by Cesare Rocchi

From Octopress to Hugo

by Cesare Rocchi

Tags: blogging

I moved this blog form Octopress to Hugo. Octopress was good but hasn’t been updated in a while. Version 3.0 was promised a year ago but still no news. I don’t blame the author, I know plans can go sideways. Plus I wanted an excuse to use Hugo, because it’s a good candidate for the core of a new product I am designing.

I kept an eye on Hugo for quite a while. Like Octopress it takes in input markdown files, applies a theme, processes templates and generates a structured folder, ready to be served. I host this blog on S3 but you can run your own web server or use GitHub pages. While you write a post you can start a local server just by typing

hugo server

It’s a sort of “preview mode” so that the web page is refreshed every time you save a markdown file. Hugo is blazing fast in generating websites. I didn’t need such a speed but I am sure it can’t hurt :) One aspect that I like a lot is that the community is very active and supportive. I posted a bunch of requests for help and I always received very kind replies. I know that kindness should be the norm but I think it’s important to underline it when you spot it.

I found the Heather theme and it has been a great starting point for my custom theme. I added the search bar at the top, next and previous links at the bottom of post pages and a common footer. A few other small details are missing but I’ll add them along the way. Once I am done I’ll definitely open source it.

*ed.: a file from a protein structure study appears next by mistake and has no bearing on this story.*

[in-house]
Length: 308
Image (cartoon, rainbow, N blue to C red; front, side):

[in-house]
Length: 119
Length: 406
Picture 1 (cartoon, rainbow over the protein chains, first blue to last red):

Translating formats

Octopress and Hugo formats are a bit different. The former uses --- to delimit the front matter and the latter uses +++. I also decided to switch from Yaml to TOML so I had to process my existing posts a bit. The Ruby script I used is available on Github. Feel free to tweak it at your convenience.

Unfortunately I had to manually fix the markup for blockquotes. In Octopress I used this format (managed by a plugin):

{% blockquote Cesare Rocchi http://upbeat.it }
{% endblockquote %}

In Hugo a plugin is called shortcode. It’s a sort of partial that can be called with parameters. So in Hugo I create a blockquote like this

{{ < blockquote name="Cesare Rocchi" link="http://upbeat.it" > }}

Although it required some manual changes now it’s much more structured and flexible at the same time.

Finally I switched font. I liked you Georgia, you will be missed but Merriweather is more readable.

The migration took me roughly four hours. I did it in four days, one hour a day, before going to sleep. It wasn’t relaxing but not even too demanding. One thing I liked of Octopress was the rake new_post command, that generated a correctly capitalized title in markdown and included the date in the file name. I’ll try to reproduce it with a script.

Hugo is a very promising tool. It’s easy to install and use. Here’s the official documentation. I am not yet an expert at it but if you need some help hit me on Twitter and I’ll be happy to take a look.